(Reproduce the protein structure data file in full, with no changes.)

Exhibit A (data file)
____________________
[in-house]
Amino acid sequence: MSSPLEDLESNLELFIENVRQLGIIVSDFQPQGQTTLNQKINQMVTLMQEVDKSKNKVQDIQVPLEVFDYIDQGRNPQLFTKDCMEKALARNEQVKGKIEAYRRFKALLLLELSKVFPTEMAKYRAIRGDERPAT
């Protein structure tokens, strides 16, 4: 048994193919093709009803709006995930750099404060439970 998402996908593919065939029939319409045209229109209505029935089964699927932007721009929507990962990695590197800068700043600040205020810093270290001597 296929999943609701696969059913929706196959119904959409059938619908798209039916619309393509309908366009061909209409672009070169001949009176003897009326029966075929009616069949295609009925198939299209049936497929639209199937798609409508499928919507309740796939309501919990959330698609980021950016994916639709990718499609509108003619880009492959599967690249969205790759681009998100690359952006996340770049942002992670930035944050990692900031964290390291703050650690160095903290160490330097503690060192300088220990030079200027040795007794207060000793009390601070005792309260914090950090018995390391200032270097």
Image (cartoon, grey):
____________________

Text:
[in-house]
Amino acid sequence: MSSPLEDLESNLELFIENVRQLGIIVSDFQPQGQTTLNQKINQMVTLMQEVDKSKNKVQDIQVPLEVFDYIDQGRNPQLFTKDCMEKALARNEQVKGKIEAYRRFKALLLLELSKVFPTEMAKYRAIRGDERPAT
């Protein structure tokens, strides 16, 4: 048994193919093709009803709006995930750099404060439970 998402996908593919065939029939319409045209229109209505029935089964699927932007721009929507990962990695590197800068700043600040205020810093270290001597 296929999943609701696969059913929706196959119904959409059938619908798209039916619309393509309908366009061909209409672009070169001949009176003897009326029966075929009616069949295609009925198939299209049936497929639209199937798609409508499928919507309740796939309501919990959330698609980021950016994916639709990718499609509108003619880009492959599967690249969205790759681009998100690359952006996340770049942002992670930035944050990692900031964290390291703050650690160095903290160490330097503690060192300088220990030079200027040795007794207060000793009390601070005792309260914090950090018995390391200032270097």
Image (cartoon, grey):